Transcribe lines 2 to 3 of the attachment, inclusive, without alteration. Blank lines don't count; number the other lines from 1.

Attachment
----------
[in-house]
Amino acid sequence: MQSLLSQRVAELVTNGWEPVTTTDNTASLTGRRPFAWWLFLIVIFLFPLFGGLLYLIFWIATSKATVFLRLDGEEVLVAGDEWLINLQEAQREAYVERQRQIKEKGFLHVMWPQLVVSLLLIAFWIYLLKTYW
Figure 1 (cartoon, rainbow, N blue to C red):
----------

Amino acid sequence: MQSLLSQRVAELVTNGWEPVTTTDNTASLTGRRPFAWWLFLIVIFLFPLFGGLLYLIFWIATSKATVFLRLDGEEVLVAGDEWLINLQEAQREAYVERQRQIKEKGFLHVMWPQLVVSLLLIAFWIYLLKTYW
Figure 1 (cartoon, rainbow, N blue to C red):